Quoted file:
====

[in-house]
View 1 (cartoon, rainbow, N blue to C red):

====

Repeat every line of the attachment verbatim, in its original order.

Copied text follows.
[in-house]
View 1 (cartoon, rainbow, N blue to C red):